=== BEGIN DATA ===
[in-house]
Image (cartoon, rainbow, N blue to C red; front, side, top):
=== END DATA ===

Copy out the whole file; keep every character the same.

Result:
[in-house]
Image (cartoon, rainbow, N blue to C red; front, side, top):